Cross Country What?

Those that know me well know that I love large full coverage designs. Full coverage designs are usually charted designs based on someone’s artwork or photograph. The charted graphs for these designs are extensive and usually run several pages. Some of the popular companies that produce these types of charts are Heaven and Earth Designs, Mystic Stitch, Golden Kite, Cross Stitch Collectibles, Tilton Crafts, Artecy Cross Stitch, etc. You get the picture…

If you choose to stitch one of these projects it is truly a labor of love. A bulletin board I belong to is encouraging stitchers to try different methods of stitching a page on these full coverage designs. Similar to the stitch along but called a challenge– because it may not be how you normally stitch. The rules are: you can choose any piece you already own, the stitcher had to begin with a new page start, the page had to have a certain stitch count (mine has 7546 stitches), the page had to contain at least 5 colors (mine has over 20), the stitcher had to post a starting picture, a finished page picture and as many pictures as needed to demonstrate that the stitcher stitched one color at a time, oh, and each stitcher had two and a half months to complete the page. Yes, you read me correctly. Each color has to be stitched in its entirety for the page before you can move on to the next color.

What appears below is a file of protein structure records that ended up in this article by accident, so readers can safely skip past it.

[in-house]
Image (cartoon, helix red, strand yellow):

This is what is known as cross country stitching. Since I like to start with areas that have lots of solid color and jump around as I like; the hard part will be stitching all of one color before I can move on to the next color. It is interesting to see these pictures develop this way. I had some questions about this method of stitching. Do you start with the color that has the most stitches to it? Or do you start with any color you like?

The one response I received was: pick a color that was all over the page and has good coverage. The benefit of this approach: you’ll have stitched a base color with at least a few stitches in each 10 by 10 grid of the pattern — these stitches will serve as placement guideposts to check placement for the remaining stitches on the page. The next step is to use the color that has the fewest stitches and work your way up to the color with the most stitches.

Not sure which approach I will use but I will keep you posted. I’m curious… how would you approach this challenge?

by Jessica Jones